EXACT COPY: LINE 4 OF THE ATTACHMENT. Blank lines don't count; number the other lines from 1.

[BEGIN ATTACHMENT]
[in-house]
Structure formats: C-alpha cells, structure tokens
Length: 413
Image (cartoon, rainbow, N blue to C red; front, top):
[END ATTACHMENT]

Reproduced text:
Image (cartoon, rainbow, N blue to C red; front, top):